Go With the Flow

👤Matt J. Simmons 🕔Oct 03, 2016

Dip your feet in a river. Sit, observe, be patient. The Greek philosopher Heraclitus drew a comparison between life and a river, saying of both, “Change is the only constant.” A couple hundred years later, Plato expanded on the idea with the image of not being able to step in the same river twice—and yet it’s always the same river.

There’s something inherently philosophical about rivers, something that instils a contemplative state. The chattering sounds of water on rocks. The endless flow. The fresh smells. Everything changing, staying the same, changing again.

I’ve dipped my feet into many of BC’s rivers over the years—Bulkley, Skeena, Fraser, Tatshenshini, Stikine—as well as innumerable streams, creeks and tributaries. With this small act, I always feel connected to the landscape. Because, like a narrative thread that links stories together, a river carries connection across the landscape.

Rivers connect the coast to the glaciers, the forests to the muskeg, the tundra to the valley floor. Everything is connected. Fyodor Dostoyevsky might have put it best, “For all is like an ocean, all flows and connects; touch it in one place and it echoes at the other end of the world.”

When you sit and watch a river, you’re not just seeing what’s in front of you; you’re witnessing the continual flow of a massive, connected ecosystem.

Northword, in my books, is similarly big. Reaching across the extensive region we call northern BC, this magazine connects writers, photographers, readers and communities. It shares the stories of what it’s like to live and play here, whether that’s Haida Gwaii, Dease Lake, Prince George, McBride or anywhere in between. Northword has quietly evolved over the years, but for all its changes since the first issue rolled out over 10 years ago, it’s still the same recognizable and much-loved part of our culture.

When I landed in the North, the magazine was one of the first things I noticed. As a print-hungry freelance writer, I immediately pitched an idea. Northword’s publisher, Joanne Campbell, accepted the article and I happily continued to contribute over the years that followed.

The sense of welcoming I felt when getting to know the magazine and its core crew was unlike most of my work as a writer. Everyone was—and is—really nice. They make time for you. They love what they do and they’re passionate about producing a publication readers throughout the region are excited to pick up.

But as good old Heraclitus pointed out, change is an inextricable part of life. And Northword, if you haven’t guessed by this point, is shifting into a new season of change. A few months ago, Joanne told me, “It’s time for something new.” She was referring to herself handing over the reigns of this publication but the statement fit for both of us.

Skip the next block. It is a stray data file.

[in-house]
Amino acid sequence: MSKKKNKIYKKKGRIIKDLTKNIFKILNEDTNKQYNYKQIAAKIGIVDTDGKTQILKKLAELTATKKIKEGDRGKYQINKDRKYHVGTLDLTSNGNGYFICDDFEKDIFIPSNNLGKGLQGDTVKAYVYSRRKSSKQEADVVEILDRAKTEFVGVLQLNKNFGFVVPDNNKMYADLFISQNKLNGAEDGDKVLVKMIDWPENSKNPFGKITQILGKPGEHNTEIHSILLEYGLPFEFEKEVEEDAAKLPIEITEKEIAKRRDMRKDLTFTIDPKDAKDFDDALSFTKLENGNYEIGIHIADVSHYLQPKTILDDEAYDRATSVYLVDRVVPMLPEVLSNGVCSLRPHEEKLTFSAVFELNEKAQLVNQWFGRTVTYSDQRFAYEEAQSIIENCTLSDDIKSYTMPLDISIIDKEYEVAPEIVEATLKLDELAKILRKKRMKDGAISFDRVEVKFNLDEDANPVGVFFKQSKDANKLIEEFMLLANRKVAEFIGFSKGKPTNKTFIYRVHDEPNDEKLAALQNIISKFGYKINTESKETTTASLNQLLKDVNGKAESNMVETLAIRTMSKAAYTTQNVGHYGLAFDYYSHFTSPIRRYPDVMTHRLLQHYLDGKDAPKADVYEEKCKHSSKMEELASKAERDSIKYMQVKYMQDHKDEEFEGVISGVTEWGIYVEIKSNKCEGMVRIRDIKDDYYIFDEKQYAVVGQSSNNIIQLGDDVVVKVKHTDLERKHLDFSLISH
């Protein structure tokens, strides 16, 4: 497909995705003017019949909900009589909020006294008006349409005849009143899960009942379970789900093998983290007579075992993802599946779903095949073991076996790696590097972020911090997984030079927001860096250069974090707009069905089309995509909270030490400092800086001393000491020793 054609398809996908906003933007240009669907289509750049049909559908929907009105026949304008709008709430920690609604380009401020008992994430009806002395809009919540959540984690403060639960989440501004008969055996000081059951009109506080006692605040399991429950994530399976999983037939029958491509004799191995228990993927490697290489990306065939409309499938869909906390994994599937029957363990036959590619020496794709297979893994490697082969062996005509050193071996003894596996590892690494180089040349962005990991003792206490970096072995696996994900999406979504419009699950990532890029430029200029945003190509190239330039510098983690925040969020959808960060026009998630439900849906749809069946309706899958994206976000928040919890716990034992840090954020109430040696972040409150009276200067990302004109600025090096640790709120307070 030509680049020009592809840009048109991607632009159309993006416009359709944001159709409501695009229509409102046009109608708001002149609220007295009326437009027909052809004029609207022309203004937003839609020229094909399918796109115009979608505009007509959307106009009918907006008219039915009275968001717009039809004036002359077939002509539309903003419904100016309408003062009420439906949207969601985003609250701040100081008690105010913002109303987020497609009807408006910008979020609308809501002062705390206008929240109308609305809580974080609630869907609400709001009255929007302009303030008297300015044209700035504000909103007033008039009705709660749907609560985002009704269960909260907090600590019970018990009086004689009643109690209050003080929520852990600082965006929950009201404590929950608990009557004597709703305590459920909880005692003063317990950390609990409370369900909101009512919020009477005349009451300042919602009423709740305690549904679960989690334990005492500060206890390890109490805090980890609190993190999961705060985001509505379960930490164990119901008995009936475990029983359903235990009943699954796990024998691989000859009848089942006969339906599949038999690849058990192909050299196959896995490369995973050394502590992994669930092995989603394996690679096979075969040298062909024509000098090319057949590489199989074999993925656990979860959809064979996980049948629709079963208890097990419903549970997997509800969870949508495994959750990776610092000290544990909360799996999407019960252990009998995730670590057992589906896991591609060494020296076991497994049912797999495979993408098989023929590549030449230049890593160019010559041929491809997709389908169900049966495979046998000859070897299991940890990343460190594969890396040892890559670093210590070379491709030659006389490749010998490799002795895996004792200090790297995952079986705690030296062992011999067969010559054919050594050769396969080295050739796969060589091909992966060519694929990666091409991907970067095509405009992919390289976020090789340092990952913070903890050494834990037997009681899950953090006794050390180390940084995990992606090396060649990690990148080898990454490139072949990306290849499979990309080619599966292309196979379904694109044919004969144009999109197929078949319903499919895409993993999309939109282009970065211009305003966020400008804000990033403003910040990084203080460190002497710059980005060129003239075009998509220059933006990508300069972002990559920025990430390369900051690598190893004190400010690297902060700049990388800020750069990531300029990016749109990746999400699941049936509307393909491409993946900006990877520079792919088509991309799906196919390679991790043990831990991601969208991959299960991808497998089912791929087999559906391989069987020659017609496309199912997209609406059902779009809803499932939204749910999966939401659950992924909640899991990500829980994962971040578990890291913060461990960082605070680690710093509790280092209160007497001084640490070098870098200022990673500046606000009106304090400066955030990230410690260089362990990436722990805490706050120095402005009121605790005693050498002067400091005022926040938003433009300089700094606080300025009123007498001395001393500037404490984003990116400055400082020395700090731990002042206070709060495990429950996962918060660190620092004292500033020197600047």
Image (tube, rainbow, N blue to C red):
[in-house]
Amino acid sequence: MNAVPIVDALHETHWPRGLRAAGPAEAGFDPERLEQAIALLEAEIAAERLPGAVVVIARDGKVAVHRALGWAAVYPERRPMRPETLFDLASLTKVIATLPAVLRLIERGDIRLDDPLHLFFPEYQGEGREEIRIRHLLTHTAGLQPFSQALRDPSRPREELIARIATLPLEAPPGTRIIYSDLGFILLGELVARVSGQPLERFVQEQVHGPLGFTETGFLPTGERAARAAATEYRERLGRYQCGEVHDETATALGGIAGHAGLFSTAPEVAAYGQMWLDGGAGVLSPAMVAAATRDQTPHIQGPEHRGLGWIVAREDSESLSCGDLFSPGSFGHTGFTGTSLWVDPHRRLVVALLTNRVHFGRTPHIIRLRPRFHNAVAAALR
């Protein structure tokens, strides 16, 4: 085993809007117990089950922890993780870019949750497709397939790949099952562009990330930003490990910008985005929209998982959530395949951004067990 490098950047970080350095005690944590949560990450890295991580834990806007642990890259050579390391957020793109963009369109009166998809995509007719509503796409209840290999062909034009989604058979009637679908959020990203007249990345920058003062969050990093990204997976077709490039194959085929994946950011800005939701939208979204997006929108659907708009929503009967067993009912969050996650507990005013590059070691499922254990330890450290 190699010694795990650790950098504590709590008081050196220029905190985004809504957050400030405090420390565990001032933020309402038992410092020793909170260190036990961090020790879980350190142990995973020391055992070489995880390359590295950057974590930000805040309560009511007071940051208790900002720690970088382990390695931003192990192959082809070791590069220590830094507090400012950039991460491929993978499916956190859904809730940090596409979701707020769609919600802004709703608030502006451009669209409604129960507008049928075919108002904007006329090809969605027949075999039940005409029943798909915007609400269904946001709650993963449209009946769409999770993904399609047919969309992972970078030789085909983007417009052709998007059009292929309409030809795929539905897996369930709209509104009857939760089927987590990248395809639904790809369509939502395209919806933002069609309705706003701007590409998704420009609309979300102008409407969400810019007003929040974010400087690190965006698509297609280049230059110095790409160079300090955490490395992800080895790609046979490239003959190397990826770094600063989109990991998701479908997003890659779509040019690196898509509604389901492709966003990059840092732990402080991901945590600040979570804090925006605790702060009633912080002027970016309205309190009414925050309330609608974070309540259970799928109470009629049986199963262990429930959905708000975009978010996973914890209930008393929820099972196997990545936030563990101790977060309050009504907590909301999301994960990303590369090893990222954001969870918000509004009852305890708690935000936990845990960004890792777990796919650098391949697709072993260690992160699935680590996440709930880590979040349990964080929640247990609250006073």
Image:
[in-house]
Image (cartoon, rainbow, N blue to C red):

Before we proceed any further, a moment of your time: I’d like to say thanks to Ms. Campbell for her passion, commitment, dedication and plain old hard work. I’m confident I can speak for all those connected to Northword when I say we’re all grateful for what you’ve done with this magazine. Hats off to you, and best of luck with your next adventure.

In her last editorial, Joanne quoted the inimitable Hunter S. Thompson talking about life and choices and change. I have another quote from the Doc, one that inspires me as a writer and, expanding the idea, as a human being:

“Every once in a while, but not often, you can sit down and write a thing that you know is going to stand people’s hair on end for the rest of their lives—a perfect memory of some kind, like a vision, and you can see the words rolling out of your fingers and bouncing around for a while like wild little jewels before they finally roll into place and line up just exactly like you wanted them to. Wow! Who wrote that stuff? What? Me? Hot damn! Let us rumble, keep going, and don’t slow down—whatever it is, keep doing it. Let’s have a little Fun.”

Yes. Because life indeed should be Fun.

But back to Change. It may be necessary, inevitable and part of what it means to be alive, but not all change is positive. I’m thinking of how our population is becoming increasingly insular, assimilated into today’s technology. Devices have altered our cultural landscape and they intrude on our physical landscapes as well.

I don’t want to judge and I know it’s not all bad. It’s just different. I will disclose something, however: I’m a bit of a romantic. I like books, not e-books; I read newspapers, real ones made from paper; and I listen to records, actual vinyl LPs.

Don’t panic, in other words; Northword isn’t about to become an app. Because one of Northword’s greatest strengths is its ability to slow things down for a few minutes. Find a quiet spot, put the phone down, read. The smell of the newsprint, the rustle of the pages, and the content itself all add up to time well spent.

As the magazine’s proud new publisher, I look forward to ushering in a new era for northern BC’s only independent magazine that connects our communities across the entire region. There will be change, but you can be sure that the essence of this magazine will remain the same: great writing, exceptional photography and stories that reflect what it’s like to live up here.

That river just keeps on flowing. Got your swimsuit?